I’m in the arduous process of updating my website www.MarionSpeaks.com (stay tuned … more info on that shortly :). I was frustrated beyond belief with my host provider so did what you’ve likely done in that situation–I called the help line. That’s when the wheels fell off.
I was greeted by a soft-spoken gentleman named Jeff. I explained one problem and received a brief “uh huh”. I went on to describe the next issue and then the next. All I heard was silence, so much so that I said, “Hello, are you still there?”. I left that conversation feeling like I really hadn’t been heard and was not confident that Jeff would be able to find a solution. This concern was confirmed when I received an email with the “work ticket” indicating “Low Priority”. Clearly, in spite of my stating the urgency of this situation, Jeff didn’t understand how fundamental my website is to clients visiting my site.
The very next day, I checked my website and none of the problems had been resolved. I called the help line again and spoke to Jeff’s work mate named Jonathon. Jonathon at least punctuated his listening with “uh huh”, “I see”, and asked a few questions to demonstrate his active listening and understanding. He was doing well until the very end of the conversation when I said “goodbye” and he hung up without even responding. Who does that?! Apparently phone service people who don’t realize what it feels like to be on the receiving end of such lack of communication.
ATTENTION TO anyone who speaks to clients on the phone (and isn’t that all of us?). Perhaps you may not require verbalizing your thoughts and you may enjoy some time to process information and find a solution. You are likely a self-described introvert. In case you are not aware, here it is up straight–that behaviour of no-response absolutely doesn’t work for your clients and colleagues. To connect, evidence that you are actively engaged through audial clues.
When there’s a live person on the other end of the phone who can’t see your body language, the person on the other end relies on your voice. If you choose not to give signs of active listening, your client may mistakenly conclude you are disconnected, not interested, or working on something else. That is the absolute worst way to respond and if it’s your way, you would be well advised to change it. Here’s how.
TIPS TO OFFERING GREAT PHONE SUPPORT:
- After the client speaks, say something. While you may be working away finding the answer for clients on the line, make sure they know what you’re doing. Do not remain silent … when you’re on the phone, silence is anything but golden. Validate your client’s position and frustration. “I understand why you would say/think that” (even though they might be wrong, you can still see WHY they would logically conclude something). Agree with what you can such as, “Yes, you’re right. This really is fundamental to your business and needs to be rated as ‘urgent priority'”. If you say nothing, the client has no way of knowing that you are actively engaged. Remaining silent is bad communication and a surefire way to disconnect. Don’t do it. Open your mouth and speak.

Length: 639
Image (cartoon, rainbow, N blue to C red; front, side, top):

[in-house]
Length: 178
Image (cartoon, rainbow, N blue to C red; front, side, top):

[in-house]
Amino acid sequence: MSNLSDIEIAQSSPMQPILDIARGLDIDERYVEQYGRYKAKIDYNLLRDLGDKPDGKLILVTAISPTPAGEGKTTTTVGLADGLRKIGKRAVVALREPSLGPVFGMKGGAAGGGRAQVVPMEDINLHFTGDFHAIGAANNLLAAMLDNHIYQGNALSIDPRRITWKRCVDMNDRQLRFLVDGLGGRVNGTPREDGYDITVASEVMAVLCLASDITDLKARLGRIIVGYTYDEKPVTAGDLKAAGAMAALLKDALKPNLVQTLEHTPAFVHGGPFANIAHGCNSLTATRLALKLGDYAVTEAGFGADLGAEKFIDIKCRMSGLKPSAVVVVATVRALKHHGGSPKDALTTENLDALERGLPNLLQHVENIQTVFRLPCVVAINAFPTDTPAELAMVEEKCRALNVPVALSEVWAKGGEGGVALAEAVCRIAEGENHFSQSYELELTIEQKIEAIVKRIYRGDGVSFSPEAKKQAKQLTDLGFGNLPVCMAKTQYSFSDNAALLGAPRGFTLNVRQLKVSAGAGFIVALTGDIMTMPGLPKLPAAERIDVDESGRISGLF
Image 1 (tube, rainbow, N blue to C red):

- Smile. Although the client can’t see your smile, they’ll still hear it in your voice. Be friendly and reassure him or her. Your client is already frustrated with the technical (or whatever) issue, so don’t let your silence add to that frustration. TIP: keep a mirror by your phone and when you’re dealing with clients, and look into it when chatting. If your face looks uptight, angry, disinterested, happy, engaged or smiling, your voice will convey it. Make sure your face is saying what you want it to because only then will your voice have the tone you hope to convey.
- Respond quickly. When the client reaches out, respond. Even if you can’t take the call immediately, respond within 24 hours. The more urgent the call, the faster your response. That’s customer service.
Silence may well be golden, but not when you’re speaking to clients or colleagues on the phone. Remember, they can’t see your visual clues, so compensate with lots of audial clues to ensure that you connect. Do this, and even though your silence won’t be golden, your relationships will be.
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© 2010-2019 Marion Grobb Finkelstein
WANT TO USE THIS ARTICLE IN YOUR EZINE OR WEB SITE? You can, as long as you include this complete tagline with it: Communications expert, author, professional speaker Marion Grobb Finkelstein works with individuals and organizations across Canada who want to improve communication skills in order to build healthy workplace cultures. Chat with her Facebook www.facebook.com/MarionSpeaks or sign up for her FREE weekly e-newsletter “Marion’s Communication Tips” at www.MarionSpeaks.com.